BANGKOK — Police are on the hunt for a woman suspected to be at the head of a large-scale ponzi scheme that allegedly scammed hundreds of people out of billions of baht.
Police Maj. Gen. Maitree Chimched of the Economic Crime Suppression police said Tuesday that court has issued an arrest warrant for Wantanee “Mae Manee” Tippaveth, 28, and her boyfriend, Metee Chinpa, 20, whom police suspected to have caused up to 10 billion baht in damages.
“Just from interrogating 20 people, the damage is around 35 million baht,” Police Col. Padol Jandorn said.
Wantanee and Metee were charged with fraud-related crimes and breaking the Computer Crime Act, after more than 120 people complained to the Udon Thani police Monday that they were defrauded by Wantanee’s ponzi scheme. Most of Wantanee’s victims are stay-at-home wives looking for extra income.
Wantanee is a Udon Thani and Bangkok-based internet idol who allegedly solicited people to invest money in her business and get a 93 percent profit. To shore up her credibility, she would post photos of her glamorous lifestyle on social media, such as photos of her rubbing elbows with celebrities, and claim to be a producer on many TV shows.
Similar to the Airplane Game pyramid scheme popular in the 1980s America, Wantanee would ask people to pool in money and reap returns after she or her downline found enough people to invest in the game.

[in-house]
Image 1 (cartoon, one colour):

Most would start off with a 1,000 baht “investment,” which she claimed would go to her cosmetics and film business endeavors. By the next month, they were told, they would get 1,930 baht in return.
Police said some victims deposited as much as millions of baht in such “investment,” but Wantanee never paid back their yields, citing reasons like bank transfer delays. One person allegedly lost 6 million baht to her, and others have told the media that some victims were so distraught from monetary loss they committed suicide.
Before Wantanee shut down her Facebook Tuesday, victims and netizens were brigading her page against her downline and investors who still believed they would get their money back.
She maintained that she was innocent in posts on Facebook Tuesday: “Jail is for people who aren’t fighters, and I’m a fighter … I never abandoned everyone, and I’m not how the news says I am. I’m the victim of slander, attacks, and silencing threats here. … I’ve never done wrong by anyone. My lawyers will keep working.